The Norman Transcript

Community News Network

December 20, 2012

5 best places to watch the world end

(Continued)

LONDON —

4. Yet another sanctuary from the end of the world feels like it's there already. The hotels in the northern Chilean oasis town of San Pedro de Atacama, on the edge of one of the world's largest salt deposits, have been reporting full bookings for the 21st. This town will be the last, safest place on Earth — rumors substantiated only, it seems, by the place's otherworldly beauty, near the so-called Valley of the Moon. Other factors include its air purity, which favors astronomical observation, and the presence of the lophophora, a cactus with hallucinogenic qualities, which favors observation of a less scientific kind. The local police are on high alert, and the town's mayor has ordered tents to be at the ready to deal with the influx of apocalypse-spotters.

5. End-of-day-watching on a budget can be done near Megiddo, a town in northern Israel where hotel rooms are still cheap and plenty. Like Chelsea, it is grossly overlooked by the present batch of doomsday-trippers. Yet the town, founded in 1949 by Holocaust survivors and currently on the edge of the West Bank, is located near the biblical site known as Armageddon (which may derive from Har, or Mount, Megiddo). Not only was this valley the site of several biblical battles and one British-Ottoman engagement at the end of World War I, but it will also be, according to certain end-times prophecies, the location of the final battle between Good and Evil at the end of the world. There's lots of disagreement on the nature of this battle, but it almost never involves aliens — or Mayans.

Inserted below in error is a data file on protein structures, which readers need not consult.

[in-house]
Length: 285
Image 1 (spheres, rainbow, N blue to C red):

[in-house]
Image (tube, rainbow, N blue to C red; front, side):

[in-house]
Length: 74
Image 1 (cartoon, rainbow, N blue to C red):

When the time will come, nobody knows. But when it does, you can reach Megiddo from Tel Aviv on the 823 bus. As you no doubt have noticed, 823 is the reverse of 328 — the number of the London bus to the World's End. Coincidence? We think not! Do bring your own refreshments, though; there's no pub at the end of this ride.

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Jacobs is a London-based author, journalist, and blogger. He writes about strange maps, intriguing borders, and other cartographic curiosities.

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